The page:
Table 4

Summary of key findings from qualitative evaluation and their implications

ThemeKey findingImplication
Acceptability of content
  • Intervention content was perceived as valuable.

  • Comprehensive format of the intervention with multiple components was perceived as useful.

  • Intervention increased knowledge of screening through health education by medical professional, as well as personal testimonies.

  • Personal testimonies were perceived as impactful.

  • Role of faith in intervention was acceptable.

  • Faith-based messages resonated with women.

  • Women stated that intervention improved knowledge of cancer screening.

  • Intervention was perceived as encouraging to engage in cancer screening.

  • Increased intention to engage in screening was reported.

  • Change in screening behaviour was noted: some women had acted, made an appointment and/or engaged in screening.

  • Intervention needs to be complex, tackle multifactorial barriers to screening and work at multiple levels.

  • Faith can be used as an enabler as part of cancer screening and health promotion efforts, but not in isolation.

  • Incorporating aspects of spirituality and faith in cancer screening could enhance health promotion efforts.

  • Incorporating personal experiences of screening and cancer survival, through videos or in person, could enhance health promotion efforts.

  • Increasing knowledge by presenting health education offered by a medical professional who can provide an opportunity to answer questions is important.

  • Findings support this community-based intervention may increase cancer screening uptake.

  • Additional research is required to understand and establish effectiveness and on a larger scale.

Acceptability of delivery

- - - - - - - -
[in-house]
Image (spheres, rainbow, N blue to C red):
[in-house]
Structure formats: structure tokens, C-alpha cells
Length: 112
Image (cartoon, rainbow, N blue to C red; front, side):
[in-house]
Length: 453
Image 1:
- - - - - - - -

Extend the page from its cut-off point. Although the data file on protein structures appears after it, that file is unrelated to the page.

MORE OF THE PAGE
• Intervention was experienced as engaging.

  • Opportunity to discuss barriers, facilitated by peers, was important.

  • Delivery by medical professional was valuable.

  • Delivery by religious scholar was valuable.

  • Women reported feeling comfortable in a group with women they were not familiar with.

  • Discussion of sensitive topics such as colorectal, breast and cervical cancers was acceptable and important.

  • Language barriers were found.

  • Technology was useful due to circumstances, although face-to-face meeting was preferred.

  • Community health promotion interventions need to be engaging and should incorporate active learning.

  • Including credible and trusted people, like religious scholars and medical professionals in cancer screening interventions could enhance health promotion efforts.

  • Create a comfortable environment for community interventions, possibly facilitated by peers, although the role of peer educators need further research.

  • Interventions like these can stimulate discussion in the community about sensitive women’s health issues and may contribute to breaking down social stigma.

  • Interventions must address generic barriers that are shared with other women, such as fear of the outcome or fear of the procedure.

  • Interventions and health education materials need to address language barriers.

Improving the delivery and process
  • More meetings regarding cancer screening were requested.

  • Meetings regarding other health issues were requested.

  • Women would like more opportunities to engage with healthcare providers.

  • Interventions should include a healthcare provider.

  • Interventions should include a religious scholar.

  • Interventions should use more personal testimonies.

  • Materials should be clear, using pictures or videos and should provide practical information.

  • Peer educators can facilitate increasing awareness in the community and signpost accordingly.

  • Support from men in engaging in cancer screening would be valuable.

  • Findings support continuation of community-based interventions, which may play an important role in the promotion of cancer screening and health promotion of other health issues.

  • Using religious and community leaders can play an important role in community-centred health promotion.

  • Using healthcare providers can play an important role in community-centred health promotion.

  • Develop practical and culturally appropriate health promotion materials.

  • Interventions should include personal testimonies, and these may increase knowledge of cancer screening and enhance health promotion messages.

  • Peer educators may have a role to play in health promotion.

  • Including men separately in community-centred approaches may help tackle screening barriers for women.

  • More research is needed regarding the role of men in women’s cancer screening.